Sudden death of wild rabbits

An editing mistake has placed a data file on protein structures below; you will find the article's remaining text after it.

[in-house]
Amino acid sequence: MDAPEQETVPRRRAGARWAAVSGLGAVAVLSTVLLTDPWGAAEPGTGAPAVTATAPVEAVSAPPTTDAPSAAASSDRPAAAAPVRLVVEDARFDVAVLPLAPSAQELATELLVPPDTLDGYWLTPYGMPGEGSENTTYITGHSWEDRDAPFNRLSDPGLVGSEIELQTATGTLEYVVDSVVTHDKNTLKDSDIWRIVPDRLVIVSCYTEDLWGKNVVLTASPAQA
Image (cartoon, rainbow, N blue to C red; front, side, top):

The sudden death of wild rabbits in Greenville has prompted a warning from health officials.  The Clemson University Veterinary Diagnostic Center said the dead animals were tested in Columbia and diagnosed with rabbit hemorrhagic disease virus type 2 (RHDV2).  The diagnosis was confirmed by the Animal and Plant Health Inspection Service of the US Department of Agriculture (USDA-APHIS).  This is the first time RHDV2 has been detected in South Carolina, according to the center.  Officials say the surviving rabbits at the site have been quarantined and animal health authorities have asked owners to contain them in hutches to prevent further spread and avoid further contact with wild rabbits.  "The mortality rate for RHDV2 is 70% or more. Our goal at this point is to do everything we can to prevent the virus from spreading into the wild rabbit population and potentially further infecting domesticated rabbits." , said Michael Neault, state veterinarian and director of Poultry Health at Clemson University (LPH).  Clinical signs.  of the virus include sudden death, anorexia, lethargy, conjunctivitis, respiratory signs, and bloody nose or mouth.  RHDV2 is a highly contagious Calicivirus that affects domestic rabbits, wild or feral rabbits, and hares.  The virus is transmitted by infected rabbits and is spread through direct contact, bedding, water, feed, hay and other materials used in the care and feeding of rabbits.  It can also be spread by insects and human contact.  Neault says that while RHDV2 does not affect human health, it has a high mortality rate among domestic and wild rabbits and has become endemic in the western United States.  There is no live test for RHDV2.  the introduction of RHDV2 into wild rabbits in South Carolina poses a serious threat to wild populations and has contributed to significant mortality events in the western United States.  It's important that we do what we can to prevent contact between infected wild rabbits and wild rabbits," said Will Dillman, deputy wildlife chief for the South Carolina Department of Natural Resources. The USDA recommends the following biosecurity practices: do not allow pets. rabbits or wild rabbits to have contact with your rabbits or access the facility or house. Do not allow visitors to reach rabbits or let them handle pet rabbits without protective clothing (including overalls, blankets shoes, hair coverings, and gloves.) Always wash your hands with warm soapy water before entering the rabbit area, after removing protective clothing, and before leaving the rabbit area. Do not introduce new rabbits from unknown or trusted sources Do not add rabbits to your rabbitry from animal shelters or other types of rescue operations If you bring rabbits from outside into your facility or home, keep them separate  plow your existing rabbits for at least 30 days.  Use separate equipment for newly acquired or sick rabbits to prevent the spread of disease.  Sanitize all equipment and cages that are moved in or out of the facility before returning them to the rabbit.  Disinfection with 10% bleach or 10% sodium hydroxide mixed with water is recommended (follow cleaning instructions on label).  Establish a working relationship with a veterinarian to review disease prevention and containment (biosecurity) practices to reduce risk to healthy rabbits.  If your rabbit becomes ill or dies and you suspect RHDV2, contact your vet.